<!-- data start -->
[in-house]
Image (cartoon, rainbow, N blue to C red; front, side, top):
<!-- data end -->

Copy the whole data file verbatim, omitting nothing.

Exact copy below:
[in-house]
Image (cartoon, rainbow, N blue to C red; front, side, top):